Bowley 2014

Bowley DM, Arul GS. Fifteen-minute consultation: the infant with a tongue tie. Archives of Disease in Childhood. Education and Practice Edition 2014;99(4):127–9. [PubMed: 24419208]

CADTH 2016

Canadian Agency for Drugs and Technologies in Health. Frenectomy for the correction of ankyloglossia: a review of clinical effectiveness and guidelines. https://www.cadth.ca/frenectomy-correction-ankyloglossia-review-clinical-effectiveness-and-guidelines (accessed 15 July 2016);RC0785-000.

Cho 2010

Cho A, Kelsberg G, Safranek S. Clinical inquiries. When should you treat tongue-tie in a newborn? Journal of Family Practice 2010;59(12):712a-b. [PubMed: 21135930]

Coryllos 2004

Coryllos E, Genna CW, Salloum AC. Congenital tongue-tie and its impact on breastfeeding. AAP section on breastfeeding. http://www.aap.org/breastfeeding/files/pdf/BBM-8-27%20Newsletter.pdf 2004;Summer:(accessed 15 March 2013).

Edmunds 2011

Edmunds J, Miles SC, Fulbrook P. Tongue-tie and breastfeeding: a review of the literature. Breastfeeding Review 2011;19(1):19-26. [PubMed: 21608523]

Francis 2015

Francis DO, Krishnaswami S, McPheeters M. Treatment of ankyloglossia and breastfeeding outcomes: a systematic review. Pediatrics 2015;135(6):e1458-66. [PubMed: 25941303]

GRADEpro

GRADEpro [www.gradepro.org] [Computer program]. McMaster University, 2014.

Hall 2005

Hall DM, Renfrew MJ. Tongue tie. Archives of Disease in Childhood 2005;90(12):1211-5. [PubMed: 16301545]

Hazelbaker 1993

Hazelbaker AK. The Assessment Tool for Lingual Frenulum Function (ATLFF): use in a lactation consultant private practise. Pasadena California, Pacific Oaks College, Thesis, 1993.

Higgins 2011

Higgins JPT, Green S (editors). Cochrane Handbook for Systematic Reviews of Interventions Version 5.1.0. The Cochrane Collaboration, updated March 2011.

Hong 2013

Hong P. Ankyloglossia (tongue-tie). CMAJ 2013;185(185):E128. [DOI: 10.1503/cmaj.120785]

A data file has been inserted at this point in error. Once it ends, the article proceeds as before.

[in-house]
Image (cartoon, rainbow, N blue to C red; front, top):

Ito 2014

Ito Y. Does frenotomy improve breast-feeding difficulties in infants with ankyloglossia? Pediatrics International 2014;56(4):497–505. [PubMed: 24978831]

Jackson 2012

Jackson R. Improving breastfeeding outcomes: the impact of tongue-tie. Community Practitioner 2012;85(6):42-4. [PubMed: 22779397]

Jensen 1994

Jensen D, Wallace S, Kelsay P. LATCH: a breastfeeding charting system and documentation tool. Journal of Obstetrics, Gynecologic, and Neonatal Nursing 1994;23(1):27-32. [PubMed: 8176525]

Kotlow 2011

Kotlow L. Diagnosis and treatment of ankyloglossia and tied maxillary fraenum in infants using Er:YAG  and 1064 diode lasers. European Archives of Paediatric Dentistry 2011;12(2):106-12. [PubMed: 21473843]

Krechel 1995

Krechel SW, Bildner J. CRIES: a new neonatal postoperative pain measurement score—initial testing of validity and reliability. Paediatric Anaesthesia 1995;5(1):53-61. [PubMed: 8521311]

Krol 2007

Krol DM, Keels MA. Oral conditions. Pediatrics in Review 2007;28(1):15-22. [PubMed: 17197455]

Kumar 2012

Kumar M, Kalke E. Tongue-tie, breastfeeding difficulties and the role of frenotomy. Acta Paediatrica 2012;101(7):687-9. [PubMed: 22404175]

Lalakea 2002

Lalakea ML, Messner AH. Frenotomy and frenuloplasty: if, when and how. Operative Techniques in Pediatric Otolaryngology 2002;13(1):93-7. [DOI: 10.1053/otot.2002.32157]

Lalakea 2003

Lalakea ML, Messner AH. Ankyloglossia: does it matter? Pediatric Clinics of North America 2003;50:381–97.

Lawrence 1993

Lawrence J, Alcock D, McGrath P, Kay J, MacMurray SB, Dulberg C. The development of a tool to assess neonatal pain. Neonatal Network 1993;12(6):59-66. [PubMed: 8413140]

Marchesan 2005

Marchesan IQ. Lingual frenulum: quantitative evaluation proposal. International Journal of Orofacial Myology 2005;31:39-48. [PubMed: 16739711]

Mathews 1988

Mathews MK. Developing an instrument to assess infant breastfeeding behaviour in the early neonatal period. Midwifery 1988;4(4):154-65. [PubMed: 3210979]

Melzack 1975

Melzack R. The short-form McGill Pain Questionnaire. Pain 1987;30(2):191-7. [PubMed: 3670870]

Messner 2000a

Messner AH, Lalakea ML. Ankyloglossia: controversies in management. International Journal of Pediatric Otorhinolaryngology 2000;54(2-3):123-31. [PubMed: 10967382]

Messner 2000b

Messner AH, Lalakea ML, Aby J, Macmahon J, Bair E. Ankyloglossia: incidence and associated feeding difficulties. Archives of Otolaryngology-Head and Neck Surgery 2000;126(1):36-9. [PubMed: 10628708]

NICE 2005

National Institute of Health and Care Excellence (NICE). Division of ankyloglossia (tongue-tie) for breastfeeding. http://www.nice.org.uk/nicemedia/live/11180/31411/31411.pdf. (accessed 15 March 2013).

Obladen 2010

Obladen M. Much ado about nothing: two millennia of controversy on tongue-tie. Neonatology 2010;97(2):83-9. [PubMed: 19707023]

Power 2015

Power RF, Murphy JF. Tongue-tie and frenotomy in infants with breastfeeding difficulties: achieving a balance. Archives of Disease in Childhood 2015;100(5):489–94. [PubMed: 25381293]